How we estimate burden of disease

The State of Global Air project reports on the burden of disease associated with exposure to PM2.5, ozone, and household air pollution, and the combined impact from all three pollutants (referred to as “total air pollution”). The estimates on this website draw from the most recent evidence from the Global Burden of Disease (GBD) 2017 project of the Institute for Health Metrics and Evaluation at the University of Washington in Seattle.

For the first time, the State of Global Air also reports on the decrease in life expectancy attributable to air pollution. These findings are based on the published work of Assistant Professor Joshua Apte at the University of Texas, Austin, using GBD data and methods from 2016.

The burden of disease and life expectancy methodologies used for the State of Global Air are summarized below. More details can be found in the Report.

 

What is “burden of disease”?

Burden of disease is a term that reflects the health toll imposed on individuals who are sick or disabled from disease, but that scientists use to characterize the impact that illness and death impose on society as a whole. 

It is measured in terms of the numbers of deaths or years of healthy life lost from disease in a population.

 

What health effects are included?

The first step in estimating the burden of disease associated with air pollution is identifying which health problems are likely to be caused by exposure to each of the individual air pollutants.

Many studies conducted over several decades have documented a wide range of ways that PM2.5, ozone, and household air pollution affect our health. Most of these effects result from exposure to air pollution over a long period of time and involve chronic, noncommunicable diseases like cardiovascular (heart) disease, stroke, respiratory (lung and airway) disease, type 2 diabetes, and lung cancer. Air pollution also causes increases in respiratory infections, like pneumonia. Some of these effects are short term, for example, when high-pollution days trigger asthma symptoms or cause a spike in hospitalizations related to respiratory or cardiovascular diseases. Learn more about both the short- and long-term health effects of air pollution here


The World Health Organization, U.S. Environmental Protection Agency, International Agency for Research on Cancer, and other organizations have systematically reviewed the scientific evidence to understand which health problems can be confidently attributed to each pollutant.

The GBD analysis currently estimates the burden of disease from long-term exposures to outdoor PM2.5, household air pollution, and ozone for the health effects:

 

      Outdoor PM2.5

 Household Air Pollution

      Ozone

  • ischemic heart disease
  • stroke
  • lower-respiratory infections (e.g., pneumonia)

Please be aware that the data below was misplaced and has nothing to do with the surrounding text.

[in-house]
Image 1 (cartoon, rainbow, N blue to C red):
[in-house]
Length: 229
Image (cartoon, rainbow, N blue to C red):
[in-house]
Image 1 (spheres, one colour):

• chronic obstructive pulmonary disease
  • lung cancer
  • diabetes* 
  • ischemic heart disease
  • stroke
  • lower-respiratory infections (e.g., pneumonia)
  • chronic obstructive pulmonary disease
  • lung cancer
  • diabetes*
  • chronic obstructive pulmonary disease

 

 


 

 

* new in GBD 2017

 

What other information is included?

Building on a fundamental understanding of how each of the pollutants affects health, researchers quantify the burden of disease from each air pollutant based on:

  1. estimates of exposures to PM2.5, ozone, and household air pollution, relative to theoretical minimum risk levels,
  2. mathematical functions, derived from epidemiological studies, that relate different levels of exposure to individual pollutants to each cause of death or disability, and
  3. estimates of the underlying rates of death for each of the diseases that have been linked to air pollution.

 

How is burden of disease described?

The GBD project describes the burden of disease attributed to air pollution in terms of two major factors:

  1. Deaths: Deaths in a given year that likely occurred earlier than would be expected in the absence of air pollution.
  2. Disability-adjusted life-years (DALYs): Years of life lost from early death plus years lived with a disability (such as paralysis from a stroke) related to air pollution exposure.

The GBD project also provides data on rates of death and DALYs for a standard population (e.g., deaths per 100,000 people) and age structure that make it easier to compare burden estimates among countries with different population sizes and ages.

 

How are impacts on life expectancy estimated?

Life expectancy is a statistical estimate of the average lifespan (that is, years from birth to death) that an individual in a population is expected to live. It takes into account all of the factors that affect life expectancy in that population, including age and sex, underlying health status, smoking, diet, and other risk factors like air pollution. 

To assess the impact of a particular factor on life expectancy, researchers first quantify the likelihood of dying from diseases related to that factor at different ages in a population. They then calculate a “risk-deleted” life expectancy — that is, the length of life that would be expected if the factor were absent. The average difference between life expectancy with and without the risk factor quantifies the average change in life expectancy that can be attributed to that factor.

More details on the methods used to estimate the loss of life expectancy attributed to air pollution reported in the State of Global Air can be found in Dr. Joshua Apte’s paper.